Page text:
"Even the state is surprised that there's an established fish population," said McGrath,  "This is an ecological community that is on the rebound, as much as you can rebound given what it's history is."
 
It is a history that has been troubled for more than a century, even before the introduction of pollution by PCBs.  Known to early settlers as the smaller Ensign's Pond, it was artificially expanded in 1843 as one of the reservoir's of the Pittsfield Cotton Factory. Later a hat factory was erected on its north shore, and it was known for a time as Hatter's Pond.
 
In a 1911 address to the City Council, then Mayor Kelton Miller spoke of the need for Silver Lake to be "redeemed."
 
"Silver Lake is still waiting to be an ornament instead of a reproach," said Miller. "There is many a city that would give thousands of dollars for a lake of pure spring water within its residential sector and within 10 minutes walk of its business center.  We have such a lake, but instead of being a thing of value to the community, it almost the opposite."  
 
In December of 1923, a gas fire broke out on the surface of the pond, one which in legend has become associated with PCBs, which in fact were introduced at the adjacent Pittsfield plants in 1933 for their more fire resistant qualities.
 
Though early evidence of high health risks began emerging in the late 1930s, the materials were used in Pittsfield until banned in 1977, resulting in several decades of the contaminants being released into Silver Lake and the Housatonic River watershed by the General Electric facility. Such dumping was not considered a serious concern at earlier times in city history, though occasional mild rebukes were made, such as one 1945 request by the City Council that the company "see what can be done about the removing the offensive odor of the refuse from the plant before it enters the lake."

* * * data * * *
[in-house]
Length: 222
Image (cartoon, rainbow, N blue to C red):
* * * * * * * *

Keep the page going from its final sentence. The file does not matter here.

Wrapped closely as it is by heavily trafficked East Street, Fourth Street and Silver Lake Boulevard, it has also been the site of many crashed, lost and dumped vehicles, many of which resided there for years prior to removal in 2013.
 
Other sporadic incidents of note have occurred there. In 1899, two horses owned by ice dealer Charles Conklin fell through the ice. Rossani Rubbo, a well known local chef, drowned in the lake in May of 1959.  
 
Some historic footnotes of the urban pond are lighter in nature, such as an elaborate prank orchestrated by organizers of the 1975 Halloween parade. Dismayed by attempts to vandalize a popular "Jaws" float created for the Egremont Elementary School, members of the parade committee decided to get a few more days life out of the float, setting it adrift on Silver Lake buoyed underneath by two barrels. While done under cover of darkness, parade committee culprits were sure to obtain permission from the state's Office of Environmental Affairs who held jurisdiction over the pond.
 
In recent years, it has become the focal point of several viral internet memes related to its polluted reputation.
 
"A lot of people are looking at Silver Lake and sort of giggling about it," acknowledged McGrath,  "It is what it is. It's a recreational resource that can be used to some extent, and we'll make certain that we give some guidance on how best to use it and enjoy it."

Tags: parks & rec,   public parks,